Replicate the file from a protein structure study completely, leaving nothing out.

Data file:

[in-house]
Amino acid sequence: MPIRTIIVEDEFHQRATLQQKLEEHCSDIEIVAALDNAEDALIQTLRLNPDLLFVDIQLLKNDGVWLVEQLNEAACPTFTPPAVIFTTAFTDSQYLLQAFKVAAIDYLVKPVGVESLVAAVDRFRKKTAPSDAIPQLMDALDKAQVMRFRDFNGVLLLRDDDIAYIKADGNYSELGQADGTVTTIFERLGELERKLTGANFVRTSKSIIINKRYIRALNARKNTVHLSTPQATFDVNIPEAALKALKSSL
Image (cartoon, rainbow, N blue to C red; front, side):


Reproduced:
[in-house]
Amino acid sequence: MPIRTIIVEDEFHQRATLQQKLEEHCSDIEIVAALDNAEDALIQTLRLNPDLLFVDIQLLKNDGVWLVEQLNEAACPTFTPPAVIFTTAFTDSQYLLQAFKVAAIDYLVKPVGVESLVAAVDRFRKKTAPSDAIPQLMDALDKAQVMRFRDFNGVLLLRDDDIAYIKADGNYSELGQADGTVTTIFERLGELERKLTGANFVRTSKSIIINKRYIRALNARKNTVHLSTPQATFDVNIPEAALKALKSSL
Image (cartoon, rainbow, N blue to C red; front, side):